Last October, the church a friend of mine attends encouraged everyone to wear purple one particular Sunday in support of Domestic Violence Awareness Month. This topic seldom receives attention from churches and this congregation sought to publicly stand with victims of abuse.
I recently saw a church workshop advertised with the theme, “Reprove, Rebuke, & Exhort”. This celebration clearly communicates what matters to them: Reproving and Rebuking. Getting things right. Doing things right.
I’m aware of many churches that have special “Mission Sundays” or “Ministry Fairs” as they highlight the need to send and support missionaries around the world, or the importance for members to involve themselves in church ministries.
Each of these churches chose to express issues, topics, causes, and people that they view as important through celebration.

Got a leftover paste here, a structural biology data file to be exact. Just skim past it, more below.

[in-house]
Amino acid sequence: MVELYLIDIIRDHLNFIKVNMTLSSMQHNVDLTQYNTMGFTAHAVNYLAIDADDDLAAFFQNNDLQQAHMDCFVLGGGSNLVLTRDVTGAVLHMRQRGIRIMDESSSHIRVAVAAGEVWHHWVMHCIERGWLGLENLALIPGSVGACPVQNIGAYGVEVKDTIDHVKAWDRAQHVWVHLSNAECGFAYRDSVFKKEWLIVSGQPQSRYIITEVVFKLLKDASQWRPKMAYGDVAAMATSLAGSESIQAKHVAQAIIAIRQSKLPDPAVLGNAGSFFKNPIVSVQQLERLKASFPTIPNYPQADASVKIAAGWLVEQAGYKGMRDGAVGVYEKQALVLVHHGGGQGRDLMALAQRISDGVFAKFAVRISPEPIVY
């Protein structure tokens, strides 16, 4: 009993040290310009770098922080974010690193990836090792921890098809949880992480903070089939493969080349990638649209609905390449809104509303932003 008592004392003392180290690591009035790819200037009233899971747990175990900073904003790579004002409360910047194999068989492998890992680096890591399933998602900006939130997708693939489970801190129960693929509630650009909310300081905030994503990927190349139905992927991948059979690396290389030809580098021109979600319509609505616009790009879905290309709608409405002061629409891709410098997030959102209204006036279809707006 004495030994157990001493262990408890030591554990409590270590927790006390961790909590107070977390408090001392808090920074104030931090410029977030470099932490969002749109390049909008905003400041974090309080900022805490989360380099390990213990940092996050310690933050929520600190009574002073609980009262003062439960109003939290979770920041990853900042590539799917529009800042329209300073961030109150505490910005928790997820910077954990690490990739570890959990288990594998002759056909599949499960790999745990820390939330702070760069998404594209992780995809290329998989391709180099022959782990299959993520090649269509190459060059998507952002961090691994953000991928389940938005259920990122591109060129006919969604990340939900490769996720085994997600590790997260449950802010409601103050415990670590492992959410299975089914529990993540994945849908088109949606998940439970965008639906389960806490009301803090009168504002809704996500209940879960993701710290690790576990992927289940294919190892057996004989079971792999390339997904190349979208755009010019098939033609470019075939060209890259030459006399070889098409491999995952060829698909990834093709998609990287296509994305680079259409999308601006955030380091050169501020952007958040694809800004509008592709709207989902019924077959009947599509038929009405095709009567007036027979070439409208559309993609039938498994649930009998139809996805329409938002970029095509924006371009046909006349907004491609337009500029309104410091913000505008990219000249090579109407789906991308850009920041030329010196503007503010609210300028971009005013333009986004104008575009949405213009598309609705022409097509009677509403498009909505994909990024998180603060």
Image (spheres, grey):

It would be overly simplistic to infer that the reverse is true. Just because a church does not celebrate a particular cause or person does not mean that they don’t care. No one church can emphasise every issue. If they try to acknowledge everyone, eventually no person or cause is particularly special because everyone’s treated the same.
Which brings us back to where I began: What we celebrate matters!
With this in mind, I’m thrilled that my church celebrated our racial diversity last Sunday through a special day that we call Harmony Sunday. I’ve been part of multi-ethnic churches in the past who preferred not to acknowledge their diversity. Taking one day to celebrate the reality we see each Sunday communicates to the church and the community that each person matters. It reinforces God’s vision for his kingdom as a house for all nations. And most of all, it communicates that this topic is important, not an accident.